The stats really don’t support that view at all. For example, barrier 21 has started three victors in the past 30 years.

In fact, the overall distribution of how many times each barrier’s horse has gone on to win is statistically indistinguishable from a purely unbiased random draw.

But if you really are a superstitious type (and many gamblers are) you might choose to steer clear of the poor nag in barrier 18. Since the barrier stalls were first used back in 1924, unlucky number 18 hasn’t seen a single success. Mr O'Ceirin is attempting to break that luckless streak this year after Sea Moon – who was initially picked for barrier 18 – was scratched.

What’s in a number?

The often-cited barrier draw might well be a red herring, but that’s not to say that there aren’t some numbers that can help predict the victor.

The number on each horse’s saddlecloth gives a huge clue as to whether or not it’s a probable contender. In fact, the history books show that 65% of champions have worn a number between 1 and 12.

This isn’t just a statistical quirk, either. The numbers are assigned based on the handicap weights. The horse carrying the heaviest weight (often, as with this year, the favourite) has saddlecloth 1 and the horse with the lightest handicap wears 24.

In that regard numbers 1-12 are worn by the dozen horses which the Chief Handicapper has deemed the strongest on paper.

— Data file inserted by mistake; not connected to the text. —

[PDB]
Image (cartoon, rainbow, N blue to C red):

Interestingly, though, within each half of the field the trend is much weaker. Since 1877, 21 winners have worn 1-3 (an average of seven winners per number) and 64 winners have worn 4-12 (a very similar average of 7.33 winners per saddlecloth).

For horses numbered outside this top dozen, I’m afraid the history books really don’t provide happy reading. The 12 highest saddlecloths have accounted for an average of fewer than four victories each, barely half the success rate of the lower numbers.

So who to pick on this year’s race?

It’s an old sporting cliché to say that records are made to be broken, but if this year’s favourite, Admire Rakti, is to take home the cup, he’ll have to overcome historically large obstacles in terms of age and weight.

Even casting your eye further down the list of favourites, many of the more fancied runners are either carrying more weight or have clocked up a few more birthdays than previous winners.

All of this adds up to a particularly unpredictable race day in 2014. Either it’s a year for historical trends to mean little or perhaps the time is ripe for a plucky outsider to steal a surprise success.

So who do I think you should hope to get in any lucky dip sweepstake this year? Well, really, that’s completely up to you.

As far as I’m concerned, provided you get some time off work (if you’re not on a public holiday in Victoria) and a good feed or drink on Tuesday afternoon, then whichever horse’s name is on your ticket, you really can’t complain.

Best of luck to you all for the big race.